Health insurance for those connected to the ADF through family and work

Looking to nab a great deal on your health insurance but not sure if you’re eligible for some of the smaller not-for-profit health funds?  While many of them have exclusive joining criteria, it’s worth doing your homework to see if you qualify to join.

Though Defence Health is a ‘restricted access’ health fund, meaning that not everyone can join, you might find you qualify quite easily. Anyone can join Defence Health if they have a family or work connection to the  ADF.

Chances are, you’re closer to the ADF than you think. So, let’s take a look at at the different Defence Health connections.

Family

Since Defence Health’s  purpose is to support the Australian Defence Force community, all past serving members stand to benefit, as well as their children and partners.

You can join if you’re the sibling, partner, ex-partner, child, grandchild or parent of a current serving or former member of the ADF.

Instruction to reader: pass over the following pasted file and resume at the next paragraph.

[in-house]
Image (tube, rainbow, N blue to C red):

There’s no limit on how far back the service was. It could be as far back as WWI or WWII.  Even if they joined the Army, Navy, or Air Force after school, spent a year in training then exited to pursue a new career – their descendants are still eligible to join Defence Health.

Uncles, aunts and cousins, however, do not count.

Work

Defence Health can provide health insurance for ADF supporters as well. This includes people who work (or have worked) for companies that have been contracted by the ADF and are directly involved in the supply of goods and services.

The Defence Force utilises a large network of contractors and companies here in Australia (and overseas) so it’s likely you might work, or have previously worked, for one.

Current and former employees of the Department of Defence and other Defence-related departments (for example DVA, ASD, DHA and AAFCANS), and their families, can also join Defence Health. Your immediate family members, as described above, can then also join because of your employment, casting the net even further.

The benefit of a restricted fund is they tend to be not-for-profit (meaning there’s more for members) and often have a big focus on outstanding customer service. Defence Health is not-for-profit and exists only for it’s members.

Get a quote online now.

Category: ADF CommunityFamilyHealthYour Insurance

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Article by: Defence Health